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The NHL draft will be held on June 22 and 23 in Columbus, Ohio, with the Canadiens holding two first round picks thanks to a late season trade involving Craig Rivet going to the San Jose Sharks in exchange for their first round pick. As it stands right now the Habs have the 12th and 22nd overall picks and look to expand the second most talented prospect pool in the NHL, according to Hockey’sFuture.com. The Canadiens have built a huge supply of talent by making the most of their draft choices, and this year will be no different.

The Canadiens have a plan for the draft, and since it has worked out so well in the past, the plan remains the same; Trevor Timmins is the man in charge.

Timmins enters his sixth season as the Canadiens’ Director of Player Personnel. He is primarily responsible for overseeing and directing the Canadiens’ amateur scouting system including the annual NHL Entry Draft. With standout prospects Carey Price, Andrei and Sergei Kostitsyn, and Mikhail Grabovski to his credit (to name just a few) let’s hope he stays with the Habs for the duration of his career.

Although the final word goes to Trevor Timmins and GM Bob Gainey, we are going to examine a few players that could be available when the Canadiens go to the podium twice in the first round.

Here is a list of prospects that the Montreal Canadiens could be adding to their steadily deepening prospect list via the 2007 NHL entry draft in respect to the International Scouting Services (ISS) final rankings and Montreal’s draft position.

Since there is no way of knowing if a certain player will still be available in the twelfth and twenty second spot, we will centre on Montreal’s draft position (underlined) and the two players ranked above and below that mark according to ISS.

Ranked #10 Mikael Backlund C 6′ 0” – 194 lbs – (Left shot)

Assets: He possesses that innate ability to find seams in the defensive zone and capitalize on the opportunities that he gets from that trait. His competitiveness and his strong leadership are strengths scouts love. Backlund scores important clutch goals, drives the net hard with the puck and is able to beat D one-on-one with quick moves. He is very mature for his age and has all the skills to be a #1 centre.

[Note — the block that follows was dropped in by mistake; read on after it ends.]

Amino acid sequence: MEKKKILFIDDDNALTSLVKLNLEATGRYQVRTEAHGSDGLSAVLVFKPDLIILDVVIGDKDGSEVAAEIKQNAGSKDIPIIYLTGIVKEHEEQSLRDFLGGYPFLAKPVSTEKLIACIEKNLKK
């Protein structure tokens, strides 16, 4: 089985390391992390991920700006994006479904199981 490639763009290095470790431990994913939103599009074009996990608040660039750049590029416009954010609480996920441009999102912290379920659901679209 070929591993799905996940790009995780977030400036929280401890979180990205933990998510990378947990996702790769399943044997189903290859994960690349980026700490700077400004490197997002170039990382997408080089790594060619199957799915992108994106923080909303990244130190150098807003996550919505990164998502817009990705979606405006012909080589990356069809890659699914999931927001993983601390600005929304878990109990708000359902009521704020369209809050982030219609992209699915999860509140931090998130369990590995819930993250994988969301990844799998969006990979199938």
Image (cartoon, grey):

Flaws: He could use more work on his defensive game and consistency.

Ranked #11 Angelo Esposito, C 6′ 01” – 180 Lbs – (Left shot)

Assets: Owns a very projectable frame, outstanding offensive instincts, excellent hand/eye coordination, tremendous hands, and great on-ice vision that boarder on elite. He displays the flair and attitude of a first-line center.

Flaws: Needs to improve his skating and play without the puck. Must get stronger physically, and work harder, in order to become a great point producer in the NHL.

Ranked #12 Colton Gillies, C 6′ 04” – 194 lbs – (Left shot)

Assets: Lorne Molleken (GM and coach of the Saskatoon Blades) has nothing but praise for Colton. “The biggest thing is he’s got such a big reach and he does everything at top speed,” Molleken explained. “He likes to challenge a person one-on-one, which to me is very important. He uses his skating and puck handling abilities to his advantage and he’s got good vision on the ice.” Colton has a great work ethic, leads by example, and thinks the game very well.

Flaws: Needs to work on his consistency and positional play. He must learn to position himself better to be able to shoot, and deflect shots more often.

Ranked # 13 Logan Couture, C 6′ 01” – 188 lbs – (Right shot)

Assets: Logan is a playmaking center who has impressive vision and a knack for being in the right place at the right time. His other strengths include soft hands, and an ability to distribute the puck. Couture is a high energy player with an all around game.

Flaws: His skating ability needs work and his toughness in traffic needs to addressed to succeed at the next level.

Ranked #14 Nick Petrecki, D 6′ 03” – 213 lbs – (Left shot)

Assets: Nick has a very heavy shot and likes to play with a mean streak while maintaining responsibility in his own end. Petrecki has good skating ability and makes a good first pass. He is known for his thunderous body checks and has been compared to Ottawa’s Chris Phillips by some scouts.

Flaws: Nick’s decision making and discipline are the only drawbacks on an otherwise solid prospect.

Ranked #20 John Blum, D 6′ 0” – 155 lbs – (Right shot)

Assets: Blum’s strengths are his mobility, puck skills, and instincts. He has shown toughness and tenacity, and is always willing and able to throw a hard hit. John is considered by most scouts to be one of the top offensive minded defenseman in this year’s draft.

Flaws: Defensively he is only average. He needs to get stronger and fill out his frame, which is something he has struggled with his entire career.